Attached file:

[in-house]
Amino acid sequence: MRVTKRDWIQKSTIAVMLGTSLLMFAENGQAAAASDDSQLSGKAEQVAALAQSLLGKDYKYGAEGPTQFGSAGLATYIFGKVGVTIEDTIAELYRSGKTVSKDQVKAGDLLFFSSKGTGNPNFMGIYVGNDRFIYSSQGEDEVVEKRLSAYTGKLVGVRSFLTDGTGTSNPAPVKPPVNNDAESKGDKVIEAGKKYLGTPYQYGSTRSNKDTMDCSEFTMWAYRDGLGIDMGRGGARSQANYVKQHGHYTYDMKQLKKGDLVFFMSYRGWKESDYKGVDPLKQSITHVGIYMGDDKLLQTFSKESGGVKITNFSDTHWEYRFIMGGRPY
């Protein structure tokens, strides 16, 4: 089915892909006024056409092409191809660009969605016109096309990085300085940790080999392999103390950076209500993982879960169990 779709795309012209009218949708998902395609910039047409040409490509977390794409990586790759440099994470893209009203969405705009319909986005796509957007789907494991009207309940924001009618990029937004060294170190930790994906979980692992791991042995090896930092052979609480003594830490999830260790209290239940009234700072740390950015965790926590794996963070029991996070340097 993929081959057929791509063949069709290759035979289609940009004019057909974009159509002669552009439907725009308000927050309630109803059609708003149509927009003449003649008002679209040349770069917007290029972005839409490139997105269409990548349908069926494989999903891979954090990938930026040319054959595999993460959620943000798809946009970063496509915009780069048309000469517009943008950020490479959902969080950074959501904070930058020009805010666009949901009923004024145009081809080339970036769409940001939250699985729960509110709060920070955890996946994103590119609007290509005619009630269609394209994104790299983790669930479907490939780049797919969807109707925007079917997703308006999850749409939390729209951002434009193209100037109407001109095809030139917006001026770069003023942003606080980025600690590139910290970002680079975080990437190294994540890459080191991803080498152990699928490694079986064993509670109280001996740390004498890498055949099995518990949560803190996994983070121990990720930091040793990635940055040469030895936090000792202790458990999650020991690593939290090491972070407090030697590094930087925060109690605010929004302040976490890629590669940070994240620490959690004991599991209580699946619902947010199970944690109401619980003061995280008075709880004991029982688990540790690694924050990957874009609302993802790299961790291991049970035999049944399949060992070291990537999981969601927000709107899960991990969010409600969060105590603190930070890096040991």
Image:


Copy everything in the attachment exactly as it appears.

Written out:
[in-house]
Amino acid sequence: MRVTKRDWIQKSTIAVMLGTSLLMFAENGQAAAASDDSQLSGKAEQVAALAQSLLGKDYKYGAEGPTQFGSAGLATYIFGKVGVTIEDTIAELYRSGKTVSKDQVKAGDLLFFSSKGTGNPNFMGIYVGNDRFIYSSQGEDEVVEKRLSAYTGKLVGVRSFLTDGTGTSNPAPVKPPVNNDAESKGDKVIEAGKKYLGTPYQYGSTRSNKDTMDCSEFTMWAYRDGLGIDMGRGGARSQANYVKQHGHYTYDMKQLKKGDLVFFMSYRGWKESDYKGVDPLKQSITHVGIYMGDDKLLQTFSKESGGVKITNFSDTHWEYRFIMGGRPY
């Protein structure tokens, strides 16, 4: 089915892909006024056409092409191809660009969605016109096309990085300085940790080999392999103390950076209500993982879960169990 779709795309012209009218949708998902395609910039047409040409490509977390794409990586790759440099994470893209009203969405705009319909986005796509957007789907494991009207309940924001009618990029937004060294170190930790994906979980692992791991042995090896930092052979609480003594830490999830260790209290239940009234700072740390950015965790926590794996963070029991996070340097 993929081959057929791509063949069709290759035979289609940009004019057909974009159509002669552009439907725009308000927050309630109803059609708003149509927009003449003649008002679209040349770069917007290029972005839409490139997105269409990548349908069926494989999903891979954090990938930026040319054959595999993460959620943000798809946009970063496509915009780069048309000469517009943008950020490479959902969080950074959501904070930058020009805010666009949901009923004024145009081809080339970036769409940001939250699985729960509110709060920070955890996946994103590119609007290509005619009630269609394209994104790299983790669930479907490939780049797919969807109707925007079917997703308006999850749409939390729209951002434009193209100037109407001109095809030139917006001026770069003023942003606080980025600690590139910290970002680079975080990437190294994540890459080191991803080498152990699928490694079986064993509670109280001996740390004498890498055949099995518990949560803190996994983070121990990720930091040793990635940055040469030895936090000792202790458990999650020991690593939290090491972070407090030697590094930087925060109690605010929004302040976490890629590669940070994240620490959690004991599991209580699946619902947010199970944690109401619980003061995280008075709880004991029982688990540790690694924050990957874009609302993802790299961790291991049970035999049944399949060992070291990537999981969601927000709107899960991990969010409600969060105590603190930070890096040991």
Image: